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Title: Interferometric experiments towards advanced gravitational wave detectors
Author: Taylor, John R.
ISNI:       0000 0004 2670 505X
Awarding Body: University of Glasgow
Current Institution: University of Glasgow
Date of Award: 2009
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In 1905, Einstein postulated that the speed of light is not only finite, but that its speed in vacuum is a universal limit that no process can exceed. The Theory of General Relativity later extended this concept to include gravitational interactions, and Eddington's timely measurements of stellar positions during a solar eclipse in 1919 confirmed that gravity's effect on spacetime is both real and entirely physical -- not merely a mathematical curiosity. With the death of Newton's notions of universal time and instantaneous gravity came the idea of gravitational waves as distortions in space-time that propagate the gravitational interaction at the speed of light. These gravitational waves are emitted from any object undergoing a non-axi-symmetric acceleration of mass, but -- due to the exceptionally weak coupling between gravitational waves and matter -- are expected to induce displacements of the order of 10^-18 m in kilometre-scale detectors: the extraordinary diminutiveness of this effect has thus far precluded any direct detection of the phenomenon. Numerous gravitational wave detectors have been built since the 1960s, in the form of both interferometric detectors and resonant mass devices. Interferometric detectors currently represent the most promising form of detector, due to their relatively wide-band response to gravitational wave signals and promising levels of sensitivity. In recent years a worldwide network of these interferometric detectors (LIGO, GEO600, Virgo and TAMA300) have begun to approach (or indeed reach) their design sensitivities. Although these detectors have started to provide upper limit results for gravitational wave emission that are of astrophysical significance, there have as yet been no direct detections. As such, work is underway to upgrade and improve these detectors. However, increasing the signal sensitivity necessarily leads to an increase in their sensitivity to their limiting noise sources. Two critical noise limits that must be characterised, understood, and hopefully reduced for the benefit of future detectors, are thermal noise (from mirror substrates, reflective coatings and suspension systems) and photon noise -- associated with the intrinsic shot noise of light and the noise due to light's radiation pressure. Two interferometric experiments designed to help inform on these phenomena were constructed at the University of Glasgow's Institute for Gravitational Research. The first experiment compared the relative displacement noise spectra of two specially constructed optical cavities, to extract the thermal noise spectrum of a single test mirror. In future experiments, this optic could be changed and the thermal noise spectrum for any suitable combination of mirror substrate and reflective coating evaluated. The second experiment involved the investigation of suitable control schemes for a three-mirror coupled optical cavity. As the resonant light power in interferometers increases in future devices (in order to decrease the photon shot noise) the need to de-couple the control schemes that govern the respective cavities so that they can be controlled independently, becomes more important. As a three-mirror cavity effectively represents a simple coupled system, it provides a suitable test-bed for characterising suitable control schemes for more advanced interferometers. Together, these experiments may provide information useful to the design of future gravitational wave interferometers.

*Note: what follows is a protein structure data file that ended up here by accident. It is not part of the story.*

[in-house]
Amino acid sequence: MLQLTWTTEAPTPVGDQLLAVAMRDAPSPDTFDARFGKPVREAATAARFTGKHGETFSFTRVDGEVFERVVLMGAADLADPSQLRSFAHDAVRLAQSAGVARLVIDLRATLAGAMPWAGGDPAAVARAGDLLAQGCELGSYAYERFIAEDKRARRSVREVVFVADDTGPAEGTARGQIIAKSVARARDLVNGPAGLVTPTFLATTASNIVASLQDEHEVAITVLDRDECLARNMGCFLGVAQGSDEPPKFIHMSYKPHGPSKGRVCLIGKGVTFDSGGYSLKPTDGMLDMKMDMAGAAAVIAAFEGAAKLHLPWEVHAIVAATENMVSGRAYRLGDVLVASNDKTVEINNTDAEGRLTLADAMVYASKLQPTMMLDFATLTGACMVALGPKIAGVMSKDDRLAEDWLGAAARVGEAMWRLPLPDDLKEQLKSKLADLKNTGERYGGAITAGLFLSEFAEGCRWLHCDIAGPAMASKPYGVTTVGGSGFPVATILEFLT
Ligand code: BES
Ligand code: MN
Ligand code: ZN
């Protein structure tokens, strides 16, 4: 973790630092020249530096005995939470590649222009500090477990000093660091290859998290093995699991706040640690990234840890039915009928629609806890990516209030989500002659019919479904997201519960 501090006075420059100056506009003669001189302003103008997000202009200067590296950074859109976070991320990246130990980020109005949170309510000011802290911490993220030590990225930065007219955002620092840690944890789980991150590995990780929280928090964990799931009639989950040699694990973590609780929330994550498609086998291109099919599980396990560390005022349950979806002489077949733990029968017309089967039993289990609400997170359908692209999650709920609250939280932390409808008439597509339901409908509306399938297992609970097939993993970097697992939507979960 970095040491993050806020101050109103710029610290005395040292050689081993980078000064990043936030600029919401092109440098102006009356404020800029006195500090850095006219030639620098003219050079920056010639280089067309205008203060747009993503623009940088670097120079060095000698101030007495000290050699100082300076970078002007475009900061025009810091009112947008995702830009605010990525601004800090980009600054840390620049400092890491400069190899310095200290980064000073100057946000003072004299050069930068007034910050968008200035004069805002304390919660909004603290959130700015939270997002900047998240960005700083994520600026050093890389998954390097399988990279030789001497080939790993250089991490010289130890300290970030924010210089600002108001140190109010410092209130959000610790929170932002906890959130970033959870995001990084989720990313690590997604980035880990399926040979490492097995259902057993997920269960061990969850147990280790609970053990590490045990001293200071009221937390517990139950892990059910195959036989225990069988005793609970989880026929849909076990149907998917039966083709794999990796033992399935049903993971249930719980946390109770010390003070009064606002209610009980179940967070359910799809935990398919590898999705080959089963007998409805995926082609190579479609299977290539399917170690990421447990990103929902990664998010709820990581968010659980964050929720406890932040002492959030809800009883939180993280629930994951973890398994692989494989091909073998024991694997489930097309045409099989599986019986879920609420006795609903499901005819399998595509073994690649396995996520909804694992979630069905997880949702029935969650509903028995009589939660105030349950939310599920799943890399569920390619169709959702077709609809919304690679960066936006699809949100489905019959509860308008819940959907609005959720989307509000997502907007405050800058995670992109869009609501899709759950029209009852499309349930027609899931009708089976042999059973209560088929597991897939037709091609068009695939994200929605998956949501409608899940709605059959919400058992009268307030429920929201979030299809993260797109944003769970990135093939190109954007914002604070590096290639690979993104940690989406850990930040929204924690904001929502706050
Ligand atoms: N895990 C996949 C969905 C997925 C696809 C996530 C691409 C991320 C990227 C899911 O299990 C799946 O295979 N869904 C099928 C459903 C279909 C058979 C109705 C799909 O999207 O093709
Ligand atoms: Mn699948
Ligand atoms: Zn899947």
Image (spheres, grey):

Supervisor: Not available Sponsor: Not available
Qualification Name: Thesis (Ph.D.) Qualification Level: Doctoral
EThOS ID:  DOI: Not available
Keywords: QB Astronomy ; QC Physics